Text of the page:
Raqs Sharqui


Back to Dance Styles

Raqs sharqi is based on baladi, but has been influenced by other dance traditions, from Turkish and Persian, through to ballet. This form of the dance seems to be "lighter", many movements being performed "on toes", and the dancers move around more. There is more movement of the upper body, with arm waves and shoulder shimmies. This is the style sometimes referred to as cabaret (side note: I read on a US site that the term "cabaret" is seen in Europe as referring to something along the lines of a Soho strip club. But in the UK, we don't think of it like that. Generally, cabaret is the entertainment provided at, say a formal dinner - an occasion where the dance is not the main reason for the "party").

Raqs sharqi tends towards the more glitzy costumes, and follow the Hollywood view of the belly dancer. The bedlah is popular for dancers following this style - heavily sequined and beaded bra with lots of bead fringing, a matching hip belt and a paneled skirt with splits at the sides - either full skirts or more fitted ones that cling to mid thigh then are split and flare out. 

Colours vary, but the bright, sparkly, metallic look is popular for bra and belt, with toning or contrasting skirts. But there are alternatives - all-in-one bodies decorated with jewels and sequins and worn with harem pants or full skirts. Lace or mesh panels joining bra to skirt, or a body stocking worn with the bedlah is popular. Around the hips, dancers will still have beaded and sequined hip belts or perhaps a fringed, beaded or coin decorated hip scarf or wrap. Glitzy, sparkly, sequined dresses are also worm, usually quite clingy and sometimes with cutouts to show off a little.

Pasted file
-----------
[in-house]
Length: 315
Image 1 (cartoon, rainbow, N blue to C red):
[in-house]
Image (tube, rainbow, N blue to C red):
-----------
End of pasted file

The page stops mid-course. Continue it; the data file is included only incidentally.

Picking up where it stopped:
Music for raqs sharqi varies widely, because it's born of a hybrid of cultures. They range from the simpler Arabic pieces used in baladi, to more modern Turkish and Egyptian tracks. A lot of it is faster and with a range of instruments being used, giving the dancer a wider choice of moves.